Hey, wanna hear a secret? But you have to promise not to tell. I mean nobody. Because if you do, you'll get the shit beat out of you. Truly. Dustin Barca says so.
Promise not to tell? OK. Here's the secret: Kauai has good waves.
Yeah, I know. It's not really much of a secret, considering nearly a million people come to the island every year, and a sizable portion hit the waves.
In fact, so many tourists and newbies surf that I often hear the local boys grumble, even though some of them are cashing in on the kala and teaching tourists how to surf — North Shore and Southside and all points between.
But according to Stab, a surf publication:
In an age where everything is stacked against its privacy – technology, authorities, an infectious social media Warholian-fame complex –the island of Kauai has remained remarkably preserved.
I'm not sure when Jed Smith, the guy wrote the piece, actually came to Kauai. It sounds like maybe 40 years ago, given his fantastical accounts.
Still, I can see why Jed ran into trouble. It's because he quotes only Dustin Barca, who, to put it kindly, is factually — not to mention historically — challenged:
“It’s always been unconquered so there is a sense of liberation amongst the people and the place. It’s never really had outside influence or interference when it comes to our resources or waves.”
No, no outside influences on the resources here. Never mind the missionaries, and the plantations, and more recently, the Realtors — the ones who funded Dustin's mayoral campaign — who have turned the North Shore into a rich man's playground. And let's just forget that new Princeville marketing plan, which has locals selling the surf spots, along with the land, to “the new konohiki.”
Dustin waxes nostalgic about what Jeb describes as the “island’s old school tribal justice:”
Ultimately, however, the punishment was reserved for disrespectful outsiders. Their fierce brand of localism forming but one part of the island’s social contract. “They’d always tell us, ‘It’s for you guys, to keep it sacred for the next generation.’ And I took it to heart 150%,” says Barca.
“To see the change on the North Shore of Oahu in the last 30 years, basically they threw people out so it could become the epicentre of surfing that it is today. We would never want to see that happen to our kids and our elders didn’t want it to happen to us,” he says.
|Dustin Barca Ambassador of Aloha|
No, instead they threw the people out so the North Shore of Kauai could become the epicenter of vacation rentals that it is today. WTF happened, Dustin? Guess you were too busy surfing and fighting to actually notice, much less oppose, what's happened in your own backyard.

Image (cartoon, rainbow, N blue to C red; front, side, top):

The writer then goes on to claim that Dustin and the boys are “maintaining constant vigilance in the face of not only disrespectful surfers but also development proposals, as evidenced by the recent defence of Hanalei Ridge.”
“We had 500 people in a room raging against it and it never happened,” says Barca of the successful campaign to defeat the proposed developments overlooking the wave which he, Andy, Bruce and many more cut their teeth on.
Uh, you mean it never happened yet. That project ain't dead.
Can you say blowhard?
Oh, and I bet you didn't know this about Dustin:
Barca remains one of the most recognisable — are you sure you don't mean ridiculous, Jed? — figures on the island. [H]is eco-farm, which houses 15 sheep and 12 pigs, also provides food for a large chunk of the local community.
And exactly which large chunk is that?
Dustin wraps up with:
All our elders on the island do their part to keep the island protected and to have no photos or videos taken of our special places. That’s the reason for the lack of exposure.
Mmm, guess Hollywood never got the memo. Not to mention the webcams at surf spots.
I just love, though, how Dustin, who isn't even kanaka, establishes himself as the arbiter of cultural mores:
“People are more than welcome to visit, but you have to show some respect and respect our rules and traditions as an island. Do not take pictures and you’re more than welcome with aloha, but with that aloha comes a mutual respect and love and humility within your presence and how you present yourself.”
And if you don't, well, you might just find yourself in a spitting-shoving match at Hanalei Pier.
Great leadership, Dustin.
The comment section exploded in ridicule:
even me as a born an raise Hawaiian from Hawaii got hassled for taking pics of with my go pro.. and the guy that give me shit had a haole first name an wanna be Hawaiian last name. he lucky I never get my kanahele friends from kekaha and lick that faka. Its not like I going expose the shots. this is reffering to all the haole "locals" from north who fucking moved here 20 years ago and think they own everything now. Fakas. my family been here before plantation days and my family worked on the plantations. I take pictures where ever the fuck I like. and no hassle the tourist I help rent surfboards and tell them the good surf spots before I come down north with 30 fucking Hawaiians from Kauai and niihau and regulate all you fucking transplants.
So is Barca going to ban Lyndie Irons from Kauai, cos she constantly has pics of it on her instagram.
Funniest thing is there are more rich haole on Kauai then there are locals.
In any other location, Barca's just a cheap gang banger. Because he surfs though, he's a keeper of aloha.
How is this chem trail conspiracy theorist the voice of anything?
And my favorite:
The wife Sheryl and I just got back from a fabulous stay at a locals only spot in Princeville - right on the north shore!
Oh, yeah, "locals only" in Princeville. For sure, brah. All ya need is a Tamba hat and you're good for go. Just tell 'em you're down with Dustin. Cheehoo!